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Contact: Mary Wade
mwade@aao.org
415-447-0221
American Academy of Ophthalmology

Positive trend for diabetic eye health; AMD may predict heart disease; vision impacts life success

Research highlights of the October 2009 issue of Ophthalmology

SAN FRANCISCO, CA–Highlights of October's Ophthalmology, the journal of the American Academy of Ophthalmology, include good news on preserving vision in people with type 1 diabetes, a warning from the Cardiovascular Health Study for macular degeneration patients, and a report on how vision impacts well-being across the lifespan.

Today's Type 1 Diabetes Patients Enjoy Better Vision than Those in Decades Past

People diagnosed with type 1 diabetes (T1D) in recent years are less likely to develop diabetes-related vision loss than those diagnosed in earlier years, says a new study funded by the National Eye Institute, a division of the National Institutes of Health. Forecasts of visual impairment prevalence in T1D patients may need to be amended, the researchers suggest, since current predictions assume that the earlier incidence rates will continue. Ronald Klein, MD, MPH, and colleagues at the University of Wisconsin Department of Ophthalmology and Visual Sciences assessed visual acuity over 25 years in 955 people diagnosed with T1D in one of four time periods, with the earliest defined as "before 1960" and the latest as "1975 through 1979."

"Visual impairment in T1D patients may be decreasing for several reasons," Dr. Klein said. "Effective treatments for diabetic retinopathy (DR) and related macular edema became widely available in the 1970s, and earlier screening and detection of DR began in the 1980s. In the 1990s, we learned that intensive control of blood glucose could significantly impact DR progression in T1D, so physicians and patients began closely monitoring this factor and controlling it with diet, exercise and medication."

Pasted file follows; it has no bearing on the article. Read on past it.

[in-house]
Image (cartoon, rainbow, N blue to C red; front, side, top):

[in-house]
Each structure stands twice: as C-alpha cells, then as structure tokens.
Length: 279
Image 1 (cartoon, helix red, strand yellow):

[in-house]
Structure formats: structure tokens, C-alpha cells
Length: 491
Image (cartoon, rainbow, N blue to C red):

Key findings include: among participants who had T1D for 30 to 34 years at the time their eyes were examined for the study, impaired vision was found in 16 percent of those diagnosed from 1922 through 1959, compared with 9 percent of those diagnosed from 1970 through 1974; also, among patients who had T1D for 15 to 19 years at the time they were examined, impaired vision was found in only four percent of those diagnosed from 1975 through 1979.

Signs of Macular Degeneration May Predict Heart Disease

A large study found strong evidence that older people who have age-related macular degeneration (AMD) are at increased risk for coronary heart disease (CHD), although not for stroke. This result adds to mounting evidence that AMD and cardiovascular disease may share some risk factors–smoking, high blood pressure, inflammatory indicators such as C-reactive protein, genetic variants such as complement factor H–and disease mechanisms. The Cardiovascular Health Study (CHS) followed 1,786 white or African American participants, who were free of CHD or stroke at the study's outset, for about seven years. The CHS received funding from the National Heart, Lung and Blood Institute, a division of the National Institutes of Health.